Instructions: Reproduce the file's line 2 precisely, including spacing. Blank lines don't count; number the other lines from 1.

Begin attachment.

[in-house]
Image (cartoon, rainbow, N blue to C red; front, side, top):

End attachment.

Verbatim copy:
Image (cartoon, rainbow, N blue to C red; front, side, top):